Principle Investigators
  • Dr. Jeff Martin, South Dakota State University
  • Dr. Carter Kruse, Turner Institute of Ecoagriculture
  • Dr. Tom Bragg, Turner Institute of Ecoagriculture
Graduate Student
  • Hayden Wolfe, MS candidate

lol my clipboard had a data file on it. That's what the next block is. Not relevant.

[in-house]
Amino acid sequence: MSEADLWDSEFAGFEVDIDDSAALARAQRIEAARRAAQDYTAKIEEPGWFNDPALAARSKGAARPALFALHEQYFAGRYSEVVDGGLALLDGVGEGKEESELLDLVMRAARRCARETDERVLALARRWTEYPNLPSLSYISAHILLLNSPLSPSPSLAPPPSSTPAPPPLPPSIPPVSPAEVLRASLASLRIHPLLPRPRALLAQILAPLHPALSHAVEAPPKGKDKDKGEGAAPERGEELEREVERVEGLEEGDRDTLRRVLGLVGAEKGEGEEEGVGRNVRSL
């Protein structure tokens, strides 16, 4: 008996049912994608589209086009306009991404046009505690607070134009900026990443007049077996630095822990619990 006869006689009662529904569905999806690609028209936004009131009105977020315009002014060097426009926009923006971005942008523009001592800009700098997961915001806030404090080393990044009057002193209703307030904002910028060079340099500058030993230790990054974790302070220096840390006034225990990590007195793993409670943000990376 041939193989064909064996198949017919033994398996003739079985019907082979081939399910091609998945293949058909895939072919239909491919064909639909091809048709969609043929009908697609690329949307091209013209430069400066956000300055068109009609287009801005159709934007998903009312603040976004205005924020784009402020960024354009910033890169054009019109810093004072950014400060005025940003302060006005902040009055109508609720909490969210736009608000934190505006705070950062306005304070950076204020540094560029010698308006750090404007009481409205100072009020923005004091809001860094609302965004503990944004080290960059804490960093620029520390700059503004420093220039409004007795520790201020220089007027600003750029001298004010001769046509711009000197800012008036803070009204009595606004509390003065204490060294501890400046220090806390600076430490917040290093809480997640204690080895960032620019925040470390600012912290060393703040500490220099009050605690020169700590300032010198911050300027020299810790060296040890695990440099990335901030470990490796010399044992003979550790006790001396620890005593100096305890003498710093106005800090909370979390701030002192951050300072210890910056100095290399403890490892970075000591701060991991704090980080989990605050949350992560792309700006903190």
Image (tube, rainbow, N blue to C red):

Long-term observational datasets at multi-decadal scales are important for improving our understanding of slow processes at work, such as climate change and management strategies. We know that asymptotic body mass of bison varies with sex and decadal measures of temperature and drought, but what remains unclear is the effect of management style and translocations on growth rate and body mass. The concept is that climate, environment, and management type affect animal allocation of energy for growth. This research is using Turner Ranches, including the Institute, dataset of bison traits such as body mass, sex, location, translocation, and management (broadly, cow/calf, feeding regime, grazing, culling, etc.) to model differential growth rates, longevity, pregnancy rates, sex ratios, and herd demographics. This work will improve our understanding of how male and female bison adapt to local environments by adjusting growth rates to match local conditions (e.g., climate and forage) and allow better prediction of how bison might respond and their management need to adapt to changing conditions in the future.

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